Eric Christopher Adams | May 17, 2011
The other Palin presidency
Did Sarah Palin deliver her presidential stump speech in Madison?
From union wife to union buster
Sarah Palin has so far been mum as to whether she'll join the Republican field contesting President Barack Obama in the 2012 election, but with the dispatch of two other big names this week, she's established as a top-tier possibility, according to the polling firm Gallup.
This weekend, 2008 presidential candidate and former Arkansas Gov. Mike Huckabee announced that he would not challenge Obama next year. Yesterday, media and real estate mogul Donald Trump fired himself from the prospective POTUS field, although he added that if he did run, he would beat everyone in the world, of course.
The Gallup polling, conducted over the first two weeks of May, hopes to pinpoint the support that potential Republican candidates enjoy as the presidential fundraising season gets underway. Poll respondents who had thrown in behind Trump and Huckabee were "reallocated," presumably to second or alternative choices among the declared or presumptive candidates with high name recognition among Republicans.
Huckabee was the tentative front-runner heading into this weekend, a Gallup story said. With him out of the picture, Gallup concluded "there is no clear front-runner in the race."
Popular blogger Andrew Sullivan wondered why Alaska's former governor had faded from much of the media's focus on the 2012 GOP race. "Even if she's unlikely to run," Sullivan said, "she should surely be mentioned as often as, say, Trump or Bachmann, let alone (former Pennsylvania U.S. Sen. Rick) Santorum."
Here's what Gallup had to say:
Palin, who has given no indication of whether she will run for the nomination, has very high name identification, is near the top of Republicans' nomination preferences, and has a higher 'Positive Intensity Score' than any other well-known candidate. Palin thus must be considered one of the GOP leaders at this point. Romney and Gingrich are also well-known. Of the two, Romney is slightly better positioned at this point due to his higher ranking in Gallup's trial heats.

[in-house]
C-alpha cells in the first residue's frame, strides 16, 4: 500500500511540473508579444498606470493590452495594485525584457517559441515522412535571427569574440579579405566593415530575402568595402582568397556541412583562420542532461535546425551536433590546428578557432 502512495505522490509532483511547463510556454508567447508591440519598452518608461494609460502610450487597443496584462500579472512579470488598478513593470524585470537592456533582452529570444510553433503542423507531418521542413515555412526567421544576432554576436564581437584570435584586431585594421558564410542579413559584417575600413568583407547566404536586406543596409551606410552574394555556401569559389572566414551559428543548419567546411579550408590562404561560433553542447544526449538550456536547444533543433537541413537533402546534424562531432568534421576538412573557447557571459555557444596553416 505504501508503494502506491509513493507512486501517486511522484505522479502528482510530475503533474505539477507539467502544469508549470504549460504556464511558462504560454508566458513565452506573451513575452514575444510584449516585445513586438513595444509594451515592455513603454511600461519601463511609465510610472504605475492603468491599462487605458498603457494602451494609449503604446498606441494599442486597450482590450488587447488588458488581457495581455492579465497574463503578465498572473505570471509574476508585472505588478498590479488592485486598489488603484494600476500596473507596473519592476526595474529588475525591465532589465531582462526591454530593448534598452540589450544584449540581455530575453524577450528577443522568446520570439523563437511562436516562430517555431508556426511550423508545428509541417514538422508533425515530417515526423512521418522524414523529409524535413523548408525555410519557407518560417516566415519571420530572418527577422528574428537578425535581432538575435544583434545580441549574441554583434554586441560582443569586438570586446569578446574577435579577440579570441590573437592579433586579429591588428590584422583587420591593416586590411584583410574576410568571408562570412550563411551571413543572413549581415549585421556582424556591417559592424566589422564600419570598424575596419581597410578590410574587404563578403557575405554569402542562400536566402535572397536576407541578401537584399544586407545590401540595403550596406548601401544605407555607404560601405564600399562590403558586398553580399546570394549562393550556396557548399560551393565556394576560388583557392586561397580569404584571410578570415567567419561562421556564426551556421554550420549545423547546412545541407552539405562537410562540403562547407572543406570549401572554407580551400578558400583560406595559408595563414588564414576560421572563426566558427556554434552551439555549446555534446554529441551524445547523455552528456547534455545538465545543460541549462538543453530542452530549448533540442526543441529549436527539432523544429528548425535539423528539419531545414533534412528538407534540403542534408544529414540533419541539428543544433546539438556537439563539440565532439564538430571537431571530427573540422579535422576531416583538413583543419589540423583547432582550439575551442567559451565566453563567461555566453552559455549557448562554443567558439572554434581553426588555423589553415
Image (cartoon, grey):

Romney himself, who some have speculated is intentionally keeping a low profile in the early months of the nomination battle, in February said he thought Palin would be a "great" president.
A quote attributed to Romney by the New York Daily News:
I believe she is an extraordinarily powerful and effective voice in our party, that she has generated a great deal of support and attention, that she'd be great in a primary process," he said of the former vice-presidential nominee and Tea Party darling. "She'd bring attention to the process, and frankly, the more people we have on the stage in those debates talking about different ideas and different approaches, the better.
Romney in recent days has raised a lot of cash. Monday, the former Massachusetts governor gathered about 800 volunteers in the Las Vegas Convention Center to hold a Jerry Lewis-style telethon for his campaign. The final tally: $10 million, according to the Los Angeles Times.
Sarah Palin, according to Iowa Republican operatives and the Wall Street Journal, has one lonely (yet effective) ground troop in the Hawkeye State.
"When it comes to Palin in Iowa," state tea party director Ryan Rhodes told the Journal, "it's pretty much Peter Singleton. The guy is everywhere."
The question is: Will she show up for the Iowa State Fair this summer?
Contact Eric Christopher Adams at eric(at)alaskadispatch.com